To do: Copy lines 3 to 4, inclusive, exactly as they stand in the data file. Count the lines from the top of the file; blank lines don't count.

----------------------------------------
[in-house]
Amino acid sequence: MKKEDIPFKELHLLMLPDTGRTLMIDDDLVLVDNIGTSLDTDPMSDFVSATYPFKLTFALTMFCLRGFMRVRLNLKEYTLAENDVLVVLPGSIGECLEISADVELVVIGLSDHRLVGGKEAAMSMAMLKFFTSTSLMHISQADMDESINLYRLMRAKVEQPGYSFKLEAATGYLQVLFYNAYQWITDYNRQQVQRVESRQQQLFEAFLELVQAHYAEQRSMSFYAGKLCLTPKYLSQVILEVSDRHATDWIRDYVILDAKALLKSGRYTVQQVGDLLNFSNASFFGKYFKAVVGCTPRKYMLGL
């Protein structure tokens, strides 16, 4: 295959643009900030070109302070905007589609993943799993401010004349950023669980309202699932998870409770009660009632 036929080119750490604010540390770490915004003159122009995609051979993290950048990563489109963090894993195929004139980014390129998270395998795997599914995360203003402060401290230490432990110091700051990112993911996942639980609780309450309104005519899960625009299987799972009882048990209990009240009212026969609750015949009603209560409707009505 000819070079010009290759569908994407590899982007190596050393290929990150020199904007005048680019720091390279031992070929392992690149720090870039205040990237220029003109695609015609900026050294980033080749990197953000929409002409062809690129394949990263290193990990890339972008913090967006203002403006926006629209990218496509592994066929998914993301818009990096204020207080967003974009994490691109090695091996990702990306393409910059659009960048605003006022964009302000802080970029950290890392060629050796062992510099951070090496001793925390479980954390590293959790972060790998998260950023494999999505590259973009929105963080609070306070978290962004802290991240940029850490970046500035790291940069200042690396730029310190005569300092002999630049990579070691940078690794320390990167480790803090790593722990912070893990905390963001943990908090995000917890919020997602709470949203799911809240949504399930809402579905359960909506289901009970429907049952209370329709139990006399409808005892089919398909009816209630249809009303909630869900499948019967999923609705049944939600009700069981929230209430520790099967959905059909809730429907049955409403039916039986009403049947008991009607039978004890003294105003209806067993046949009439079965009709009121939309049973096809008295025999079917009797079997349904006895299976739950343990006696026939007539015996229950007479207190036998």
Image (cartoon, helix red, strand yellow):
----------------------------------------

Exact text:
């Protein structure tokens, strides 16, 4: 295959643009900030070109302070905007589609993943799993401010004349950023669980309202699932998870409770009660009632 036929080119750490604010540390770490915004003159122009995609051979993290950048990563489109963090894993195929004139980014390129998270395998795997599914995360203003402060401290230490432990110091700051990112993911996942639980609780309450309104005519899960625009299987799972009882048990209990009240009212026969609750015949009603209560409707009505 000819070079010009290759569908994407590899982007190596050393290929990150020199904007005048680019720091390279031992070929392992690149720090870039205040990237220029003109695609015609900026050294980033080749990197953000929409002409062809690129394949990263290193990990890339972008913090967006203002403006926006629209990218496509592994066929998914993301818009990096204020207080967003974009994490691109090695091996990702990306393409910059659009960048605003006022964009302000802080970029950290890392060629050796062992510099951070090496001793925390479980954390590293959790972060790998998260950023494999999505590259973009929105963080609070306070978290962004802290991240940029850490970046500035790291940069200042690396730029310190005569300092002999630049990579070691940078690794320390990167480790803090790593722990912070893990905390963001943990908090995000917890919020997602709470949203799911809240949504399930809402579905359960909506289901009970429907049952209370329709139990006399409808005892089919398909009816209630249809009303909630869900499948019967999923609705049944939600009700069981929230209430520790099967959905059909809730429907049955409403039916039986009403049947008991009607039978004890003294105003209806067993046949009439079965009709009121939309049973096809008295025999079917009797079997349904006895299976739950343990006696026939007539015996229950007479207190036998």
Image (cartoon, helix red, strand yellow):